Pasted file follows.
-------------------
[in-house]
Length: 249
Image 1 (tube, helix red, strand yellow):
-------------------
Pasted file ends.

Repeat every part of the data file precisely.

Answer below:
[in-house]
Length: 249
Image 1 (tube, helix red, strand yellow):